But what is it?
When a person files bankruptcy, he or she must disclose all of their assets to the bankruptcy court. These assets are said to make up the person’s “bankruptcy estate.”
If these assets exceed certain dollar amounts (called exemptions), then the court will look to the excess value as a source of funds to pay back the bankruptcy filer’s creditors.
The bankruptcy estate includes all property to which the bankruptcy filer has any legal or equitable claim.
A person can have a “legal or equitable claim” to an asset even if the asset is technically titled in someone else’s name.
Here is a good example:
Sometimes people who are afraid of bank levies from creditors will start depositing their paychecks in a bank account under someone else’s name.
But, these amounts must still be disclosed as assets in a bankruptcy, even though the bank account is not in the name of the bankruptcy filer.
In fact, this sort of arrangement can create a messy situation when a person files bankruptcy.
This is because you want to avoid the appearance of giving “gifts” before you file bankruptcy. That’s a bit beyond the subject of this post, but something to keep in mind.
Assets include things like equity in vehicles and homes. That’s easy enough to understand.
But assets also include less tangible things.
Assets include legal claims you might have against a person or a business; the right to receive compensation, commissions, or even unemployment payments; royalties and residuals for artists; and tax refunds owed to the person filing bankruptcy.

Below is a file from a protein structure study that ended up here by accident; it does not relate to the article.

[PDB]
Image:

Your bankruptcy estate even includes the five dollars that kid borrowed from you in fifth grade but never repaid.
That last example is funny, but it also makes a good point: let your bankruptcy attorney know about anyone who owes you money.
Many of my clients end up filing bankruptcy because they have been helping their friends and family for years. They have been shouldering the burden for everyone else.
The bankruptcy estate even includes inheritances if you became entitled to the inheritance within six months of your bankruptcy case filing date.
Before you start doing “asset planning,” keep in mind the bankruptcy code also gives the bankruptcy trustee in your case the right to recover property or payments that were either (1) improperly transferred away before filing bankruptcy or (2) paid to a creditor in an honest attempt to pay back debts, but the payment resulted in the the creditor receiving “preferential” treatment.
Identifying and protecting the bankruptcy filer’s assets is one of the most important parts of bankruptcy preparation.
I’ve seen many bankruptcy filers over the years lose their nice, big tax refunds because they didn’t realize the refund would be considered an “asset” in their bankruptcy.
There are many other assets that don’t look like assets at first glance. Previously garnished or levied funds are another example. A bankruptcy filer might be able to get some of these funds back, but only if they are properly listed and exempted in the bankruptcy.
Proper bankruptcy planning can sometimes more than pay for the case itself.
Give us a call at (805) 284-0760 for a free bankruptcy consultation.